www.publications.parliament.uk/pa/cm199798/cmhansrd/vo97121...

"vi) Both land and information about land are resources that must be **husbanded** in order to achieve economic growth. The Guidelines are in accord with ..."
www.unece.org/hlm/wpla/publications/laguidelines.html

or this from an article about Locke:
"Quite a bit hinges upon the way in which the Indians treated nature. As we now know, their tribal societies were highly developed, though structured differently from European societies. Their world-view is intelligible to us. They had laws, they respected property, they regarded certain places as sacred, and it could be said that they expended labour, including intellectual and spiritual labour, upon steering the land. They **husbanded** it less crudely than the settlers. Their aim was not to drive the land hard. They had ways of working with nature without upsetting the ecological balance. This could surely count as ‘mixing one’s labour’ with the land. Locke does not define precisely what he means by this phrase. His notion of labour certainly is not limited to manual labour, it also covers intellectual activities, art, music, and scientific inventions."
http://www.wringtonsomerset.org.uk/morelocke/woodfieldonlock...



    Reference: http://www.wringtonsomerset.org.uk/morelocke/woodfieldonlock...
B D Finch
France
Local time: 07:14
Native speaker of: Native in EnglishEnglish
PRO pts in category: 39
Login to enter a peer comment (or grade)

6 hrs   confidence: Answerer confidence 2/5Answerer confidence 2/5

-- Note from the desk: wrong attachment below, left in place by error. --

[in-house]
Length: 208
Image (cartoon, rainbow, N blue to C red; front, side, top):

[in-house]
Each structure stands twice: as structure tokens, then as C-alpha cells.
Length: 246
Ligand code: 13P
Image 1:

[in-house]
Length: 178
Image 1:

plots of land defined by their ecosystem


Explanation:
Hello,

terroir = well-defined plot of land defined by its soil, climate, and other geographical characteristics

That's the only way I can understand it.

It's commonly used to describe wine regions/wines.

I hope this helps.

MatthewLaSon
Local time: 01:14
Native speaker of: Native in EnglishEnglish
PRO pts in category: 4
Login to enter a peer comment (or grade)



Login or register (free and only takes a few minutes) to participate in this question.

You will also have access to many other tools and opportunities designed for those who have language-related jobs (or are passionate about them). Participation is free and the site has a strict confidentiality policy.

KudoZ™ translation help

The KudoZ network provides a framework for translators and others to assist each other with translations or explanations of terms and short phrases.


See also:

Your current localization setting

English

Select a language

Term search
  • All of ProZ.com
  • Term search
  • Jobs
  • Forums
  • Multiple search